In our previous article, we explored the process of building a RESTful API with Node, which provided functionalities like authentication, account creation, website checks, and updates. However, it lacked a user-friendly graphical interface for non-developers. In this article, we will delve into the steps required to create a functional design for hosting all these features. By following along, you’ll discover that building a graphical interface for your Node application can be relatively straightforward.

In particular, the steps we will go through are the following:

  1. We will create static HTML pages to render.
  2. We will implement some new helper functions to help us manage
  3. We will improve our routing to handle the requests for the different pages
  4. We’ll enhance app.js to manage client-side requests.
  5. We will add logic to handle the interaction of the user.

As suggested last time, I recommend following along with the code in the repository since it would be impossible to go through each line, and neither is the article’s purpose. Instead, it’s a way to let you know how to handle a UI shell for the node application with real-life examples.

You can find the repository on my GitHub.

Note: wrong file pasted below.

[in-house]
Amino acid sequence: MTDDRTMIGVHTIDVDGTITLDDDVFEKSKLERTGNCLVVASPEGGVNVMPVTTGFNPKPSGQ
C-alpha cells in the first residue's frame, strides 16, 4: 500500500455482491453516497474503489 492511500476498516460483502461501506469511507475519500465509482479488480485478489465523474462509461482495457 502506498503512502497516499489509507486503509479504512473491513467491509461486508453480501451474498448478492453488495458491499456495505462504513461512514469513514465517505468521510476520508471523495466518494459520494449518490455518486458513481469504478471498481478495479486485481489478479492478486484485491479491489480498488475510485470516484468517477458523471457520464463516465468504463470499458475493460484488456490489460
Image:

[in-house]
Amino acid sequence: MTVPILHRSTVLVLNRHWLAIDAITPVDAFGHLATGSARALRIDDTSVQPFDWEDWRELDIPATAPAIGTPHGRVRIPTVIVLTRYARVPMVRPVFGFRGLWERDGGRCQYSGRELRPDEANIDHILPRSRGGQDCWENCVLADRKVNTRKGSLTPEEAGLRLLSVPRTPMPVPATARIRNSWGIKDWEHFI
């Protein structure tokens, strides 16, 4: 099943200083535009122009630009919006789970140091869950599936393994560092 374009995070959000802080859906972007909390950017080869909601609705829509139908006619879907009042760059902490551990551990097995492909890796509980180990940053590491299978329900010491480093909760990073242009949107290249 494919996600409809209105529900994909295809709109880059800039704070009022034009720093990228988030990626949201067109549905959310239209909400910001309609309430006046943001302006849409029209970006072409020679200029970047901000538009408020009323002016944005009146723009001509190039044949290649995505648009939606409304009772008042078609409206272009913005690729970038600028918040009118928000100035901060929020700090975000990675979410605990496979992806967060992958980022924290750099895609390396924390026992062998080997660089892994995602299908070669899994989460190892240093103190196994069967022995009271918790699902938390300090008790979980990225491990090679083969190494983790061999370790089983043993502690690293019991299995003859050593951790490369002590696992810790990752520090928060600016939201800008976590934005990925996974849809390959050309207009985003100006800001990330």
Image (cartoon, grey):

The static HTML pages

First of all, what we are going to do is create a folder called “templates” in our project that is going to host all the static HTML pages. In that folder, you can find a footer and a header common for every website page, and they complete each other. You can already see that we are using some logic inside, such as the title <title>{head.title} | {global.appName}</title> will change with variables.

Apart from that, we have created the following:

  • The account creates the page with a simple form.
  • The account deletes a page, which is a confirmation page.
  • The account edit page has some sections where you can edit your account details, change your password and delete your account.
  • Checks create the page that contains a form to create a custom check.
  • A check edit page that lets us edit a previously open check
  • A checklist table containing an element that shows all the rows of checks we have